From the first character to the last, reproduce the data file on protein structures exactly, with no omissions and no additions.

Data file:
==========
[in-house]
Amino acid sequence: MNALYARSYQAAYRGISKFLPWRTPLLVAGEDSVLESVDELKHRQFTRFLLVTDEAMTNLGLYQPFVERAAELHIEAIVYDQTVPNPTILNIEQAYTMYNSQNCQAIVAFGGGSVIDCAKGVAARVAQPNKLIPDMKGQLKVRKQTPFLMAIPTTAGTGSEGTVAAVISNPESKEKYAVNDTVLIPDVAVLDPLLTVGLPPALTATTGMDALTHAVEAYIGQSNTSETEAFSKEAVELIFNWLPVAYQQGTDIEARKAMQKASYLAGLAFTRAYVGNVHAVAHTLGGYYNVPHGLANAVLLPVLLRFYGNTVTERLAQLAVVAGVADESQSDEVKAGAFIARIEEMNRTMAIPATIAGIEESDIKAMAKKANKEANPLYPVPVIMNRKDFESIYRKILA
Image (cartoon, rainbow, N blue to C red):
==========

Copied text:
[in-house]
Amino acid sequence: MNALYARSYQAAYRGISKFLPWRTPLLVAGEDSVLESVDELKHRQFTRFLLVTDEAMTNLGLYQPFVERAAELHIEAIVYDQTVPNPTILNIEQAYTMYNSQNCQAIVAFGGGSVIDCAKGVAARVAQPNKLIPDMKGQLKVRKQTPFLMAIPTTAGTGSEGTVAAVISNPESKEKYAVNDTVLIPDVAVLDPLLTVGLPPALTATTGMDALTHAVEAYIGQSNTSETEAFSKEAVELIFNWLPVAYQQGTDIEARKAMQKASYLAGLAFTRAYVGNVHAVAHTLGGYYNVPHGLANAVLLPVLLRFYGNTVTERLAQLAVVAGVADESQSDEVKAGAFIARIEEMNRTMAIPATIAGIEESDIKAMAKKANKEANPLYPVPVIMNRKDFESIYRKILA
Image (cartoon, rainbow, N blue to C red):